Project description:A transcription regulatory complex (TRC) that includes Ets1, Ets2, PEA3 and ?-catenin/T-cell factors regulates osteopontin (OPN) that is implicated in colorectal cancer (CRC) dissemination. The consistency of OPN transcriptional control between primary CRC and metastases is unclear. This study investigates expression and prognostic significance of the OPN-TRC in primary human CRC and associated colorectal liver metastases (CRLM).Osteopontin-TRC factors were assayed by digital microscopy in 38 primary CRCs and matched CRLM specimens and assessed against clinical prognosis.In primary CRC, OPN expression intensity correlated with that of its co-activators, PEA3 (r=0.600; P<0.01), Ets1 (r=0.552; P<0.01), Ets2 (r=0.521; P<0.01) and had prognostic significance. Osteopontin intensity in primary CRC inversely correlated with the interval between diagnosis and resection of CRLM. Overall OPN intensity was lower in CRLM than primary CRC and correlations with co-activators were weaker, for example, Ets1 (P=0.047), PEA3 (P=0.022) or nonsignificant (Ets2). The ratio of OPN expression in CRLM vs primary CRC had prognostic significance.This study supports transcriptional control of OPN by known coregulators in both primary and secondary CRC. Weaker associations in CRLM suggest involvement of other unknown factors possibly from the liver microenvironment or resulting from additional genetic or epigenetic changes that drive tumour metastatic capability in OPN transcriptional control.
Project description:The immune system plays an important role in shaping the clinical course of colorectal cancer (CRC). However, it is still unclear how the immune infiltrates of primary CRC lesions and distant metastases by immune effector cells are related to each other. To address this issue, we quantified CD3(+), CD8(+) and granzyme B(+) lymphocytes in primary CRC samples and corresponding liver metastases. This analysis showed that the prognostic predictions that can be drawn from the infiltration of immune cells in primary CRCs and their metastases are heterogeneous. To investigate whether such heterogeneity would also be observed within CRC hepatic metastases, the density of the immune infiltrate and cytokine production were assessed in opposite sides of the same metastatic lesion. In addition, tumor-infiltrating lymphocytes were assessed in sequential sections of the same metastatic lesion, with a spacing of 30 ?m. In summary, consistent cell counts and cytokine levels were detected within the same lesion. The study of a case of synchronous metastases, however, suggested that different metastatic lesions within the same patient may be heterogeneous, perhaps indicating a major impact for local causes on tumor infiltration by immune cells. In summary, our study demonstrates a consistent degree of heterogeneity between primary tumors and hepatic metastases but an excellent intra-lesional homogeneity. These findings may be of key importance for patient stratification and the development of personalized strategies against CRC.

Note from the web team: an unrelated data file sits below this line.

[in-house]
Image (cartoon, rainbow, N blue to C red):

Project description:Liver metastasis is a fatal step in the progression of colorectal cancer (CRC); however, the epigenetic evolution of this process is largely unknown. To decipher the epigenetic alterations during the development of liver metastasis, the DNA methylation status of 12 genes, including 5 classical CpG island methylator phenotype (CIMP) markers, was analyzed in 62 liver metastases and in 78 primary CRCs (53 stage I-III; 25 stage IV). Genome-wide methylation analysis was also performed in stage I-III CRCs and in paired primary and liver metastatic cancers. Methylation frequencies of MGMT and TIMP3 increased progressively from stage I-III CRCs to liver metastasis (P = 0.043 and P = 0.028, respectively). The CIMP-positive cases showed significantly earlier recurrence of disease than did CIMP-negative cases with liver metastasis (P = 0.030), whereas no such difference was found in stage I-III CRCs. Genome-wide analysis revealed that more genes were methylated in stage I-III CRCs than in paired stage IV samples (P = 0.008). Hierarchical cluster analysis showed that stage I-III CRCs and stage IV CRCs were clustered into two distinct subgroups, whereas most paired primary and metastatic cancers showed similar methylation profiles. This analysis revealed distinct methylation profiles between stage I-III CRCs and stage IV CRCs, which may reflect differences in epigenetic evolution during progression of the disease. In addition, most methylation status in stage IV CRCs seems to be established before metastasis.